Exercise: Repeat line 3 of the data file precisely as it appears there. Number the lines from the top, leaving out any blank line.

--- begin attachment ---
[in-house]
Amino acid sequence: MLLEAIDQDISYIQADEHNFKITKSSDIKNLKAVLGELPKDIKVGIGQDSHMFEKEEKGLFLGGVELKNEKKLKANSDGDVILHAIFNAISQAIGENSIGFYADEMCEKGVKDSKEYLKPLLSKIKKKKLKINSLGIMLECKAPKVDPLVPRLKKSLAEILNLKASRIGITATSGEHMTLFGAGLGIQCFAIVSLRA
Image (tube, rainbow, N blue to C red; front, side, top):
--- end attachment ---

Image (tube, rainbow, N blue to C red; front, side, top):